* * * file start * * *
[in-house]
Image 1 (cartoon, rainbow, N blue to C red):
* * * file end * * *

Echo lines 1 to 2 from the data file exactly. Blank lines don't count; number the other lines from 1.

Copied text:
[in-house]
Image 1 (cartoon, rainbow, N blue to C red):